Honest Conversations: Are you having them?

Tamra MerciecaMental Health, Relationship HealthLeave a Comment

It became obvious to me in the past week or so how confronting some people find honest conversations.

So let’s begin by discussing what an honest conversation is:

An honest conversation is letting a person know your true feelings about a particular action or lack of action they took, that has left you feeling a negative emotion such as hurt, fear, anxiety or anger.

It is NOT directing blame or judgment to that person.

Nor does it come from a place to inflict pain on the other person and make them feel shame or guilt.

Perhaps something your friend of lover did ticked you off, but not wanting to create a scene, or too scared to speak up, you suppressed that hurt.

Problem is, like a beach ball that is pushed under water, these emotions always make their way to the surface.

And if you didn’t deal with them at the time of the upset, when they do pop through, you just never know how they may transpire.

When you stop yourself from expressing how you feel, it simmers under the surface.

Like a volcano, it gets hotter and hotter, until something finally triggers it off into a huge eruption of ash and lava and turmoil.

The person who cops the gunky display of anger and bitterness is completely confused as to why, them not taking out trash, was such a drama.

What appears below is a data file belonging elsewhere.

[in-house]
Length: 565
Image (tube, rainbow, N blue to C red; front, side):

Ultimately it wasn’t.

The eruption was a result of the twenty other times they’d forgotten to take out the garbage, do the dishes, or make the bed.

The person in question had no idea these things caused you so much internal grief, because you never spoke up, and now, they cop it in one big blow.

It’s like you’ve stored up all these little issues and then used them as ammo against a person you’re meant to love.

That’s why I live by the policy: Better out than in.

Collecting these emotions, hurts, resentments and upsets will only hurt you; emotionally and in some cases physically.

Unresolved emotion has the ability to sicken the body.

So if not for the sake of the relationship, at least speak your truth for the sake of your health.

Now there are ways to have honest conversations and ways not to.

ALWAYS express how you are feeling.

So start your sentences with: ‘I feel hurt that you didn’t support me during me ….’ Or ‘I feel like you don’t understand how your actions affect me’.

When you take this approach there is no blame.

You want to avoid making the other person ‘wrong’, as essentially you are giving your power away, and creating the type of tension that will lead to a fiery exchange.

When a person expresses how they are feeling, it means they actually care enough about the relationship to want to resolve whatever triggered them into emotion.

So next time someone has an honest conversation with you, don’t react, simply look to understand.

That will give you the greatest hope of a loving resolution.

And next time you feel a bitter feeling welling up inside, find a loving way to express it, so the relationship remains solid and transparent.

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